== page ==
If the ambient noise is allowed to target both sensors (ears) simultaneously, then looking at the data from the sensors differentially will cause the ambient noise to mathematically cancel out leaving only the true signal if one sensor is positioned slightly closer to the source than the other.
In Figure 2, the top and middle graphs represent the left and right channels with significant noise added. If you look closely, you can see slight variations between the two. The bottom graph in Figure 2 represents the difference or differential between the left and right channels as a nice sine wave. Notice that all of the common mode “noise” present in the left and right was canceled out.
A practical circuit application of the above description would be for a microphone to block out any loud ambient noise, such as a plane or simply a windy day. The circuit in Figure 3 will do just that. In this configuration, the LM1458 dual op-amp creates a differential input with a balanced load on each input. This way, the inputs electrically “see” the same load, which is important for making this kind of differential measurement.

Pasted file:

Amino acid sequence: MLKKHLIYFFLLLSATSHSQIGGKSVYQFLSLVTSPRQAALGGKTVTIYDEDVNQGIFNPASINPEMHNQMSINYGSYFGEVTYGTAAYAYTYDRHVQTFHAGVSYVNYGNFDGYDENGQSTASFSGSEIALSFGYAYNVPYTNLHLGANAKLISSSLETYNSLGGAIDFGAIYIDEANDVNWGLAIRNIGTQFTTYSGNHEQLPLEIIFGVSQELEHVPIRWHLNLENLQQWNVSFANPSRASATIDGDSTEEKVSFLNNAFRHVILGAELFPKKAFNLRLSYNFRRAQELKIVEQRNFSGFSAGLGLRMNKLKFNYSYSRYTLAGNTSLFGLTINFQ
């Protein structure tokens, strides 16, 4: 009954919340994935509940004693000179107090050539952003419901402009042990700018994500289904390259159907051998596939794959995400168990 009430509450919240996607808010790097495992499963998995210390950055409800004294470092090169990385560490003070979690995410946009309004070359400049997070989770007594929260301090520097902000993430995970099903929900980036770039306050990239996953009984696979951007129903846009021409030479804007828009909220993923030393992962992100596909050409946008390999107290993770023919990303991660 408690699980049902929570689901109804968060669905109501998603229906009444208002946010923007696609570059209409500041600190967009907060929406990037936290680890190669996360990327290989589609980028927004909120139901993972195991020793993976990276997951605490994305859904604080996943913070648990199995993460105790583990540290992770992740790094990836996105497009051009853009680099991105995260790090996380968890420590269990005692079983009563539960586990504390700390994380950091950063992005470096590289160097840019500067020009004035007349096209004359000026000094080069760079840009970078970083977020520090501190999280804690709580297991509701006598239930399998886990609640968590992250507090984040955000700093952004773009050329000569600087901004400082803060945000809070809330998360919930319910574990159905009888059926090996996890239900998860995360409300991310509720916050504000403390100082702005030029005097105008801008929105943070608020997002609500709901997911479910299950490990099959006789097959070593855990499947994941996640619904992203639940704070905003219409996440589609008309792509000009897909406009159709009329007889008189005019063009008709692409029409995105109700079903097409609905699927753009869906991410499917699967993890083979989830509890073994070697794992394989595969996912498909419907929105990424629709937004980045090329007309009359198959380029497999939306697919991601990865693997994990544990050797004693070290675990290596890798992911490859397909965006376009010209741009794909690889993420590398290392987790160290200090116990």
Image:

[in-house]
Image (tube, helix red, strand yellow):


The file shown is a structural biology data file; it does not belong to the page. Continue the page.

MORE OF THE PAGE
The microphones should be placed close to one another and will exhibit a pickup pattern that resembles a bidirectional microphone (see Figure 4) where one lobe is additive (non-inverting) and the other lobe is subtractive (inverting). In the mid-region is a dead zone where the input from each microphone cancels out any common mode signals.
A method to improve the signal-to-noise ratio (adopted from early radio) is to use a regenerative circuit or Q-multiplier circuit. This method is essentially an active filter that reinforces itself with positive feedback. A small portion of the input signal is amplified and fed back into the input in a positive reinforcing way. This has the effect of attenuating any noise while at the same time re-enforcing a signal hidden within the noise. A transistor with a normal gain of 10 or so can have a perceived gain of 10’s of thousands if applied in a regenerative circuit correctly.
Another method — again, adapted from early to more recent radio — is to use a local oscillator and mixer to level shift the input signal to another frequency band. This method is especially nice if you want to remove most (if not all) of the low frequency noise interference associated with 50/60 Hz, fluorescent lighting, etc., and create a final output signal with an exceptionally low noise floor.